One of the most common sights in this area's oil fields are the storage tanks that dot our landscape. Each producing well has its companion storage tank containing the production of several days pumping. Typically, trucks visit these storage tanks on a regular basis and load oil from the storage tank into the truck.
The truck delivers the oil directly to a refinery or to a "battery". A "battery" is located in the field and provides facilities to remove sand and water, and treat it in other ways to ready it for the refinery. From a battery, oil usually moves by pipeline to the refinery or upgrader.
The production of the upgrader also moves on via pipeline; most entering the system of pipelines which supplies oil to Eastern Canadian and Mid-Western United States' markets.
This section contains information on field storage, batteries, pipelines and trucking- all with special reference to Heavy Oil.
To learn more about Batteries - click here
In some fields, "flowlines" carry crude oil to the battery for cleaning. After cleaning and treating, oil moves by pipeline to the upgrader or refinery. Much of our heavy oil is below the minimum pipelining standard of 21.2° API. Therefore, a diluent must be added. The most common additive in this area is the liquid gas component of natural gas, called "condensate". Condensate is easily removed at the refinery and is then recycled.
Shipping pumps establish the pressure (up to 1440 psi) to move the crude along. Periodic boost pumps are placed along the pipeline's route to maintain this pressure. Pipelines are closely monitored and controlled by increasingly sophisticated electronic and computerized equipment. They move high volumes of crudes, safely and efficiently to often distant markets in Eastern Canada and the Mid-Western United States.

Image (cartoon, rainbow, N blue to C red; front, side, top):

To learn more about Pipelines - click here
Trends over time in Heavy Oil Transportation and Storage - click here
Transporting oil in the field via pipelines is often called flowlining - for some of its challenges click here
For an article about Grant King - who spent 50 years in the oil business, the last 35 of those with Gibson Petroleum whose trucks, terminals and pipelines store and move millions of cubic meters of oil daily - click here
See also Hamish Garland's account of the set up of first batteries in Lloydminster area, as well as discussion of the "yo-yo" pipeline between Lloydminster and Hardisty.
See also Leo Cavanagh's account for a brief discussion of the "yo-yo" pipeline
For an explanation of Density and Viscosity - click here
To learn about some of the many environmental response techniques - click here
First, I have a rest in the field storage tank.
Then I'm off by truck to the battery and then - whee! down the pipeline on my way to the refinery and upgrader